Propelled towards mass popularity by virtue of its superb Battle Royale refresh, Epic Games' Fortnite has recently been enhanced still further with the inclusion of an optional 60 frames per second mode - a potential game-changer for a fast-paced shooter like this. Now, we've seen a range of 'performance' modes in the past that target 60fps on Sony and Microsoft's enhanced consoles, but generally, they fail to deliver. The good news here is that Epic's work is the real deal - and it's by no means exclusive to the more powerful consoles, with owners of the standard models getting an equally impressive boost.
Based on information gleaned from social media and patch notes, the developer's approach in delivering this impressive buttery-smooth experience involves a combination of new Unreal Engine 4 graphics technologies paired with some intensive CPU optimisation. The results pay off as looking at frame-rates across both base and premium consoles, the new mode locks at its 60fps target for the vast majority of the duration. Consistency is generally excellent, holding up well throughout both traversal and intense gunplay, with all platforms running smoothly with the minimum of hitching.
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It's not quite perfect though - moving into the more graphically complex towns can see some minor drops and a little tearing at the very top of the screen, but beyond that, the impact on gameplay is limited to brief moments of stutter that quickly pass. Fortnite at full frame-rate also passes muster as a premium experience on all consoles too - 60fps is 60fps, after all - although small dips in performance occur a little more often on the base Xbox One across a general run of play. It's only a subtle difference though, and we'd still take the new mode over the older 30fps standard.
Of course, the move from 30fps to 60fps just looks a lot smoother, but the new mode offers a crucial advantage over Fortnite's main Battle Royale console rival - the Xbox One version of PUBG. Bluehole's early access title struggles to maintain its 30fps target and certain conditions in particular can contribute to some particularly poor moments. And in this sense, there are one or two similarities in how Fortnite's frame-rate is affected and more specifically, what scenarios can cause performance problems.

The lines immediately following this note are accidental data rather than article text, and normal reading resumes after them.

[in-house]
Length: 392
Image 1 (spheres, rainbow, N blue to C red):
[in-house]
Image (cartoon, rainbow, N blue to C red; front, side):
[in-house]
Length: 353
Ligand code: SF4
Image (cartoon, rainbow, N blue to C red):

For example, PUBG's most noticeable frame-rate weakness kicks in when parachuting into the level - and the same process also causes issues in Fortnite. The increased draw distances and environment complexity are possible culprits here, with prolonged, harder stutter perhaps indicating online-based bottlenecks too. This is perhaps to be expected owing to the sheer volume of players in a fairly localised area in these early stages but thankfully, these issues clear up once we hit terra firma, with performance quickly stabilising nicely.
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Compromises? Sure, they're there if you look for them. In reducing per-frame render time to 1/60th of a second - 16.7ms - dynamic resolution scaling along with temporal reconstruction plays a key role in accelerating the render pipeline, and this can introduce a combination of softness and some dithering artefacts, with the extent changing on a per-platform basis. However, the balance between image quality and performance is well judged for the most part, allowing players to get a smooth, stable experience during moments where a fixed resolution would cause frame-rates to drop.